It might be of some concern to shareholders to see the The Howard Hughes Corporation (NYSE:HHC) share price down 16% in the last month. But that doesn’t change the fact that the returns over the last three years have been respectable. In that time the stock gained 85%, besting the market return of 75%.
With that in mind, it’s worth seeing if the company’s underlying fundamentals have been the driver of long term performance, or if there are some discrepancies.
Check out our latest analysis for Howard Hughes
There is no denying that markets are sometimes efficient, but prices do not always reflect underlying business performance. By comparing earnings per share (EPS) and share price changes over time, we can get a feel for how investor attitudes to a company have morphed over time.
During three years of share price growth, Howard Hughes achieved compound earnings per share growth of 30% per year. The average annual share price increase of 23% is actually lower than the EPS growth. So one could reasonably conclude that the market has cooled on the stock.
You can see how EPS has changed over time in the image below (click on the chart to see the exact values).
We’re pleased to report that the CEO is remunerated more modestly than most CEOs at similarly capitalized companies. It’s always worth keeping an eye on CEO pay, but a more important question is whether the company will grow earnings throughout the years. Before buying or selling a stock, we always recommend a close examination of historic growth trends, available here..
A Different Perspective
While the broader market lost about 13% in the twelve months, Howard Hughes shareholders did even worse, losing 24%. However, it could simply be that the share price has been impacted by broader market jitters. It might be worth keeping an eye on the fundamentals, in case there’s a good opportunity. Unfortunately, last year’s performance may indicate unresolved challenges, given that it was worse than the annualised loss of 8% over the last half decade. We realise that Baron Rothschild has said investors should “buy when there is blood on the streets”, but we caution that investors should first be sure they are buying a high quality business. It’s always interesting to track share price performance over the longer term. But to understand Howard Hughes better, we need to consider many other factors. Consider risks, for instance. Every company has them, and we’ve spotted 1 warning sign for Howard Hughes you should know about.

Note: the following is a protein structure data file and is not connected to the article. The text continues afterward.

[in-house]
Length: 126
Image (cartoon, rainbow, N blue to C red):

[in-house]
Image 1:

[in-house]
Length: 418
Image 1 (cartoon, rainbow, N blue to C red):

If you are like me, then you will not want to miss this free list of growing companies that insiders are buying.
Please note, the market returns quoted in this article reflect the market weighted average returns of stocks that currently trade on American exchanges.
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This article by Simply Wall St is general in nature. We provide commentary based on historical data and analyst forecasts only using an unbiased methodology and our articles are not intended to be financial advice. It does not constitute a recommendation to buy or sell any stock, and does not take account of your objectives, or your financial situation. We aim to bring you long-term focused analysis driven by fundamental data. Note that our analysis may not factor in the latest price-sensitive company announcements or qualitative material. Simply Wall St has no position in any stocks mentioned.
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